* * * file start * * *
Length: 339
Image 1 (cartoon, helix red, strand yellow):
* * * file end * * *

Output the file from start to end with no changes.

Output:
Length: 339
Image 1 (cartoon, helix red, strand yellow):